A once-shaky Maryland men’s soccer squad has displayed its growth in four-game stretch
Midfielder Eli Crognale takes a penalty kick in Maryland men's soccer's 2-0 win over No. 14 Cal State Fullerton on Oct. 5, 2019 at Ludwig Field. (Richard Moglen/The Diamondback)
Following a 3-1 loss to Northwestern on Sept. 20, Maryland men’s soccer coach Sasho Cirovski said he felt “gutted and empty” with his team’s performance.
But since those feelings of disappointment, Cirovski has seen his team rise to the occasion. With a 2-0 win over No. 14 Cal State Fullerton on Saturday, the Terps have now rattled off four consecutive unbeaten results — three wins and a draw — against two top-15 teams and a pair of conference opponents, steering its season back on track.
It’s not just the number in the win column that’s growing. Cirovski’s squad, largely inexperienced at the beginning of the year, has taken shape over the four-game stretch as the players have become more confident.
“It’s time for people to kind of wake up and understand that we’re the real deal,” midfielder Eli Crognale said. “We had a rough start to the season, but we’re for another national championship.”
Coming into the season, Cirovski knew his group would have some growing pains. Replacing 11 contributors from last season’s national championship roster would entail younger players fitting into larger roles.
That mission only became more arduous with injuries to forward Paul Bin and midfielder William James Herve, relegating Maryland’s top-two returning offensive players to the sideline.
Forward Brayan Padilla thrived in his increased playing time, scoring two goals and becoming a threat on free kicks with a strong left-footed shot. But during pregame warmups ahead of Wednesday’s match against Rutgers, the sophomore suffered a knee injury that the team fears could keep him out long term.
“It doesn’t just happen over a couple-week preseason,” Cirovski said. “It’s taken some time. It’s getting better and better. Obviously, the challenge keeps getting greater because we just keep losing players. But so far, we’re on the right path.”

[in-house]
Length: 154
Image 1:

After the Northwestern game, Cirovski made a tactical change to better suit the players he had available. Using a 3-5-2 formation against then-No. 9 St. John’s and Wisconsin, the Terps grinded out a 1-0 double-overtime win and a 0-0 draw while playing with 10 men for 70 minutes.
In the past two games, against the Scarlet Knights and the Titans, the team has shown flexibility with its formations, switching between the 3-5-2 and Cirovski’s preferred 4-3-3 alignment.
No matter the formation, though, the style remains the same — press the opposition in its own half, and be aggressive in creating chances on the attack.
“We’re a team that has a certain style of play and that tries to apply the principles of the game within our philosophy and culture,” Cirovski said. “Sometimes, systematically, you change a little bit to play to your strengths and minimize the strengths of the opposing team, and we’ve been able to do that the past couple of games.”
Aside from the formation alterations, the Terps have come out firing early in matches — a stark contrast to their first six games. They scored just two first-half goals in the first six matches and often found themselves overwhelmed by the opposition’s possession advantage.
Over the course of this four-match unbeaten streak, though, Maryland has been the team to establish itself in the first half, outshooting the opposition 32-16 in that span.
After not taking advantage of the early shot discrepancy against the Red Storm, Badgers and Scarlet Knights, Maryland finally broke through in the first half with two goals against the Cal State Fullerton and turned in its highest-scoring opening 45 minutes of the season.
“Just focusing on the fundamentals, what we started in preseason [and] our gameplans going into every game,” defender Ben Di Rosa said. “We’ve been executing a little better, just being a little sharper [and] a little more energetic starting games.”
Cirovski said he was “delighted” following the win over the Titans, a marked difference from his feelings after the loss to the Wildcats in the Big Ten opener 15 days prior. But the Terps absorbed that loss and put it behind them to get their season back on course.
“We had to learn from that,” Crognale said. “We just had to improve all facets of the game, and we have. That game is completely in the past right now.”
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